Dividing Up the Farm for Grazing Management

The first step to any grazing management, fertiliser or pasture improvement strategy is to identify which pastures, soils, land classes and aspects exist on the farm. These can then be categorised into groups, which are managed differently, produce differently and suit different purposes. To achieve this, a farm map is needed, either in hard copy or electronic form.

A farm map can also be used to help you to accurately measure your existing paddock sizes, land classes, pasture types and condition, and for developing grazing management plans, feed budgets, fertiliser and pasture establishment budgets, planning subdivision and measuring new fencing.

Once completed, your farm map can be used as a tool for applying the EverGraze principles for development and/or implementation of management plans to address profitability, natural resource management and risk management issues on farm.

Agriculture Victoria offers training for development of farm maps through the FarmPlan 21 program and the EverGraze Dividing up the Farm for Grazing Management program. In NSW contact your local CMA or local Land Services staff for training options.

Some questions you should ask when putting together areas for management:

  1. What is the best use for this area?
  2. Does this area currently serve a particular purpose for my enterprise?
  3. How do I need to manage the soil or pasture in this area?
  4. Does this area have a particular limiting factor that needs to be managed, such as steep slope or waterlogging?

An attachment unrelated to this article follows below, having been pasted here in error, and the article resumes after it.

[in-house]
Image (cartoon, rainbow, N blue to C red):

5. Does this area have a seasonal variation in production?
  6. Should this area be fenced differently to improve its management?
  7. Should this area be sown to a different pasture species to achieve my production and environmental aims?

Some considerations

What is the capability of the land – ability to handle cultivation, drilling or grazing stock?

Landclass Description
1 Deep, highly workable soils, suitable for growing vegetables
2 Usually flat landscapes that can be cropped each year without damaging the soil structure
3 Flat or undulating landscapes which can be cropped occasionally and are suitable for sowing pastures
4 Undulating landscapes suited to sowing perennial pastures and rotationally grazing with stock
5 Hill country or rocky areas not suited to sowing pastures other than aerial sowing, but can be grazed year-round by stock
6 Hill country, high erosion risk, aerial seeding only, suited to grazing through the growing season but destock during summer
7 Areas suited only to occasional grazing
8 Areas not suited to grazing

What is the aspect?


In hill country, aspect affects the relative seasonal productivity, pasture utilisation, pasture species and suitability for different classes of stock throughout the year.

Southerly aspects are characterised by:

  • Less hours of direct sunlight.
  • Lower winter growth rates.
  • Reduced grazing due to colder weather and (anecdotally) less sweet grass.
  • Low pasture utilisation, which causes rank pasture and low clover component.
  • Higher proportion of perennials and if a native pasture, it is more likely to include Microlaena.
  • An ability to maintain green feed later in the season and ground cover over summer.
  • The annual component is usually annual grasses such as silver grass.
  • Poor suitability to lambing during winter due to cold conditions.

Northerly aspects are characterised by:

  • Higher winter growth rates and feed quality.
  • Higher annual component including clover and capeweed.
  • Lower ground cover making it less tolerant to summer/autumn grazing.
  • Native pastures usually have a high proportion of wallaby grass.
  • Less likely to tolerate high soil fertility (on native pastures).

Figure 1. Northern and southern aspects in hill country pastures showing differences in ability to hold onto green feed in late spring/early summer (Bonnie Doon, Victoria)
Figure 1. Northern and southern aspects in hill country pastures showing differences in ability to hold onto green feed in late spring/early summer (Bonnie Doon, Victoria)

What is the soil type fertility, depth, drainage and plant available water?